Contract years swindled Boston Bruins

bostonbruins.jpgLast season, the Boston Bruins were one of the league’s true surprise teams. Simply put, they were on fire at times, getting plenty of good bounces and more than a few career seasons from its players. It was a perfect storm of contract years and good fortune that – clearly – has proven to be unsustainable.

Obviously, Phil Kessel is no longer with the team but he still fits the bill in having an unusually productive contract year season. It honestly is a bit staggering how much of their success could be attributed to conveniently timed peaks. Here are the other three contract year stories from that season.

Tim Thomas – he’s been a big disappointment a year after winning the Vezina trophy. To be fair, the Thomas signing was at least slightly logic; after all, last year was his best season but not his only productive one. Still, I doubt the Bruins are happy with his deal right now.

David Krejci had an impressive season last year (73 points) but is now down to 40 points this season. I get the feeling Krejci was “chosen” over Kessel, but I wonder if the correct answer would have been “none of the above.”

Dennis Wideman has been a disappointment for most of his career, until he had a fantastic 2008-09 season in which he matched Zdeno Chara’s 50 points while posting an impressive +32 rating. This year he’s gone back to being a poor defensive player (-17) and middling offensively (only 20 points this season). Wideman’s deal must be the biggest regret for Boston.

Now, if you combine the contract years of Kessel, Thomas, Krejci and Wideman with somewhat lucky seasons from Blake Wheeler and Milan Lucic, the picture becomes clearer. I’m not trying to say that the Bruins weren’t legitimate last season, but it’s clear that monetary motivation and luck just aren’t on their side like they were last season.

So, the bad news is that the Bruins’ cap will be clogged with players who will struggle to meet their contract expectations after atypical years. The good news, though, is that they can really stock up on prospects if those Maple Leafs picks end up being top-5 material. It’s not all rosy for Boston, but things should get better.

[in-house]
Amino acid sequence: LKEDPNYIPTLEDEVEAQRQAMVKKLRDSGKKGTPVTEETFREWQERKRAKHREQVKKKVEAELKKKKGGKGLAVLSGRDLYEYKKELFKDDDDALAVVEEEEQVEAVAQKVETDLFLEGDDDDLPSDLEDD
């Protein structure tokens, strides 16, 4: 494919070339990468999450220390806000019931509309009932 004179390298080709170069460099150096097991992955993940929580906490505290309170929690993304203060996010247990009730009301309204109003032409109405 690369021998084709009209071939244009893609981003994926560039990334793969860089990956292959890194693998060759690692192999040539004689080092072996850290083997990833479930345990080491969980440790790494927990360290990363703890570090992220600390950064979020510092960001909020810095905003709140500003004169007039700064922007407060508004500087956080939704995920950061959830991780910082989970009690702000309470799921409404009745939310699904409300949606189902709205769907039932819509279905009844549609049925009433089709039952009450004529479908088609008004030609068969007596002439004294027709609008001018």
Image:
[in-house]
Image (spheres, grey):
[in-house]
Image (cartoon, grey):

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    Start the Carr: Habs recall another player from the minors

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    There’s been a lot of movement between Montreal and Saint John’s lately and that continued on Sunday.

    This time, it’s forward Daniel Carr who’ll be getting a stint with the big club.

    Carr has no prior NHL experience.

    The 24-year-old spent four years at Union College before joining the Canadiens organization as an undrafted free agent.

    In his first season as a pro, Carr scored 24 goals (led the team) and 39 points in 76 AHL games with the Hamilton Bulldogs in 2014-15.

    This year, Carr has seven goals and 15 points in 20 games.

    Montreal is without forwards Torrey Mitchell, Brendan Gallagher and Alexander Semin.

    Campbell’s perfect snipe sinks Wings in OT


    Brian Campbell doesn’t score as many points as he used to, but he came up with a huge goal against the Red Wings on Sunday afternoon.

    With the game tied, 1-1, in overtime, Campbell skated into the slot and beat Petr Mrazek with a perfect wrister to end the game.

    It was also a pretty nice passing play between Jussi Jokinen, Jonathan Huberdeau and Campbell.

    Dylan Larkin opened the scoring in the second period before Reilly Smith leveled the score with just over five minutes remaining.

    The Wings have blown a lead in three straight games.

    Detroit was up 2-0 and 3-2 in their last game, against Edmonton, before they finally closed the game out with an overtime goal by Niklas Kronwall.

    They weren’t so fortunate against the Bruins on Wednesday, as they lost 3-2 in OT after leading 2-1 with under two minutes remaining in regulation.

    This was the first meeting of the season between Detroit and Florida, but they’ll see each other three times between Feb. 4 and Mar. 19.

    With Jonathan Bernier sputtering, we’ll meet Garret Sparks

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    You can’t blame Mike Babcock for siding with the relatively unknown when the other option is Jonathan Bernier, a goalie who’s 0-8-1 so far in 2015-16.

    With that in mind, meet Garret Sparks, the Toronto Maple Leafs’ expected starter for Monday’s game against the Edmonton Oilers.

    Sparks was a seventh-round pick (190th overall) in 2011, a guy who was off to a great start in the AHL. That much wasn’t lost on Babcock.

    Let’s face it, though; this is as much about the Leafs’ other two goalies as it is about Sparks (whose name inspired a very obscure reference in this post’s headline).

    In Bernier’s case, there’s an “enough’s enough” feel:

    Meanwhile, James Reimer‘s not quite healthy enough to play yet, so the window of opportunity is open for Sparks … a little bit.

    Sparks will get a chance to make an impression, even if it’s just a small one.

    Video: Dylan Larkin adds to his rookie goals lead

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    So far, the 2015-16 crop of rookies is living up to the hype, if not exceeding it. Connor McDavid‘s unfortunate injury hasn’t even derailed this year’s crop.

    The Detroit Red Wings are watching their own blue chip blossom, as Dylan Larkin is making an instant impact.

    No. 71 scored his 10th goal of the season against the Florida Panthers on Sunday, fattening his rookie goals lead.

    He still needs five points to match rookie points leader Artemi Panarin, though.